Volume 43, Issue 5 p. 612-620
Original Article

Impacts of dietary amino acid composition and microbial presence on preference and performance of immature Lucilia sericata (Diptera: Calliphoridae)

Jennifer Rhinesmith-Carranza

Corresponding Author

Jennifer Rhinesmith-Carranza

Department of Entomology , Texas A&M University, College Station, Texas, U.S.A.

Correspondence: Jennifer L. Rhinesmith-Carranza, Department of Entomology, College of Agriculture and Life Sciences Texas A&M University, College Station, TX 77843, U.S.A. E-mail: [email protected]; Aaron M. Tarone, Department of Entomology, College of Agriculture and Life Sciences Texas A&M University, College Station, TX 77843, U.S.A. E-mail: [email protected]Search for more papers by this author
Wenqi Liu

Wenqi Liu

Department of Entomology , Texas A&M University, College Station, Texas, U.S.A.

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Jeffery K. Tomberlin

Jeffery K. Tomberlin

Department of Entomology , Texas A&M University, College Station, Texas, U.S.A.

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Michael Longnecker

Michael Longnecker

Department of Statistics, Texas A&M University, College Station, Texas, U.S.A.

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Aaron M. Tarone

Corresponding Author

Aaron M. Tarone

Department of Entomology , Texas A&M University, College Station, Texas, U.S.A.

Correspondence: Jennifer L. Rhinesmith-Carranza, Department of Entomology, College of Agriculture and Life Sciences Texas A&M University, College Station, TX 77843, U.S.A. E-mail: [email protected]; Aaron M. Tarone, Department of Entomology, College of Agriculture and Life Sciences Texas A&M University, College Station, TX 77843, U.S.A. E-mail: [email protected]Search for more papers by this author
First published: 13 July 2018
Citations: 9
Associate Editor: Mark Fellowes

Abstract

1. As primary colonisers of ephemeral resources, the common green bottle fly, Lucilia sericata, must exercise efficient resource exploitation strategies to maximise fitness. Foraging incurs costs, so the efficient evaluation of resources is essential for individuals relying on fragmented patches whose dissimilarity may result in fitness consequences for offspring. Thus, selective pressures between carrion-using insects and carrion-associated microbes are expected to occur.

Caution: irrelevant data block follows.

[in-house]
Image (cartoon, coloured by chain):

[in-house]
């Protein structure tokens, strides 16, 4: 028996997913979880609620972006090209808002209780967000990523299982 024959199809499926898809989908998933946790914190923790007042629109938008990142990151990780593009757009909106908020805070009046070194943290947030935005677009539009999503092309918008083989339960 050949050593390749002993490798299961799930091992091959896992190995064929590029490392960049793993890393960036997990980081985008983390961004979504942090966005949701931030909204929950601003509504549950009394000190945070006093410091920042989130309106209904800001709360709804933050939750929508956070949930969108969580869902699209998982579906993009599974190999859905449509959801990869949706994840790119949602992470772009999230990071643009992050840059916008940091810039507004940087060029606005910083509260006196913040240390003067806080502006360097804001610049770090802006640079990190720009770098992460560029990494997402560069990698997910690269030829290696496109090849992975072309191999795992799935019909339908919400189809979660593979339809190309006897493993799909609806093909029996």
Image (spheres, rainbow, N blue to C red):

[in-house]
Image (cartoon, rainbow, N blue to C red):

2. Microbes play a pivotal role in adult fly assessment of resources via production of volatile organic compounds (VOCs) resulting from the breakdown of essential amino acids. If one assumes that chemoreception of these VOCs provides public information regarding the corresponding essential amino acids, the resulting effects on maternal decision-making could impact larval resource exploitation.

3. The essential amino acids phenylalanine, methionine, valine, and tryptophan, the corresponding VOCs of which are known fly attractants, were used to construct imbalanced diets with and without antimicrobial treatment to investigate the impact of suboptimal food sources on larval L. sericata.

4. The results of this study demonstrate that both amino acid composition and microbial presence influence behaviour, with larvae displaying a preference for untreated diets lacking methionine and a complete reversal in preference for antimicrobial-treated diets. This interaction between diet and antimicrobial treatment indicates that the presence of microbes that produce essential amino acids may impact larval resource utilisation strategies. This investigation into larval performance on diets deficient in amino acids that provide important VOC cues to maternal flies provides a stepping stone for dissecting larval behavioural strategies on ephemeral resources when faced with limited choices.